The package, which amounts to around five trillion yen, will be financed by the extra budget, whose fate now depends on whether prime minister Naoto Kan's ruling party can pass it in parliament where it lacks a clear majority.
The US Federal Reserve is expected to announce its "quantitative easing" in its meeting next week. The additional stimulus is seen as a step to help the economic recovery.
The domestic market will have four trading sessions next week on account of a holiday-shortened week. The outcome of the RBI's policy review and the Fed's future stance on "quantitative easing" will guide the market next week.
Bulls will be hoping for a flood of dollars to keep the market going
After a whole month of...
It has been more than a decade now that private insurance players have been trying to gain a foothold in the market. But despite tying up with global leaders and having some of the best brains on board, private insurers seem to be headed nowhere
Private sector insurers are witnessing rapid erosion in market share. Despite having been around for a decade, even reaching break-even seems a distant dream for a number of them. On top of this, private players are even planning initial public offerings (IPOs)!
The numbers do all the talking. Between March 2009 to September 2010, domestic giant Life Insurance Corp of India (LIC) increased its market share in terms of first year premium to 73.27% (from 60.77%) while its market share in terms of number of policies increased to 72.20% (from 70.52%).
Moneylife calculated the first premium market share of life insurance companies as of September 2009 and September 2010, based on data from the Insurance Regulatory and Development Authority (IRDA). We considered first-year premium of individual single, individual non-single, group single and group non-single policies. (Please see: www.docstoc.com/docs/58726713/Market-Share-as-per-First-Year-Premiums).
The writing on the wall couldn't be any clearer. LIC has taken away market share from almost all the players.
So is this endgame for private operators? How long will they keep flogging tired revenue models and continue to support balance sheets bleeding red?
Coming back to the IPOs that these private insurers are planning, IRDA is currently readying its guidelines for such offers. Already, questions are being asked over the quality of disclosures mandated and whether investors would really be able to analyse the prospects of such companies.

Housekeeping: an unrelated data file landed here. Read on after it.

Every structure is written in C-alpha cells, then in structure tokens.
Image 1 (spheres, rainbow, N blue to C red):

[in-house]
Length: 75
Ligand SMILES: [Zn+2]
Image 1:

Speaking about the challenges in the valuation process of insurance companies at a seminar held in Mumbai recently, Ashvin Parekh, partner and national leader - Global Financial Services, Ernst & Young Pvt Ltd, said: "Disclosures for profitability of different product lines should have been made long ago. It would have helped not just for IPOs, but also for corporate governance. But the regulators have already missed the boat by 7-8 years. The authorities kept dragging their feet on Embedded Value (EV) disclosure even after three committees have gone into it. They kept saying it was too technical for them. If it is introduced now, it is impossible for investors to get (an) accurate picture from the disclosure that will be submitted to regulators as per the new guidelines. The regulators should have taken the lead, but confirmed the age-old belief that business is always ahead of regulators."
But regulatory lapses aside, why have private insurers not been able to take on the public sector behemoth? Agreed, LIC is huge, its size bigger than the GDP of almost 80% of countries in this planet- but whatever happened to private ingenuity and nimbleness?
Till 2000, LIC enjoyed a monopoly. But elephants can dance, too. After the market was thrown open to private players, it got its act together. According to TS Vijayan, chairman, LIC, "The company felt threatened, but made changes and prospered."
According to Vipin Anand, chief-corporate communications, LIC, "The opening (up) of (the) insurance sector to private insurers did shake us up, but LIC responded well due to its intrinsic strength. We have 14 lakh agents as of today who cover every part of the country. We were the first government company to go for computerisation. Our computer network is (the) largest in the country after the Indian Railways. Even with the volume of our business we are able to have speed ratio (settlement within stipulated time, usually 30 days) of settling claims at 97.47% (maturity claims) and 95.29% (death claims) for 2009-10. We have excellent investment expertise to manage funds in-house."
Is it too late for private insurers to go back to the drawing board?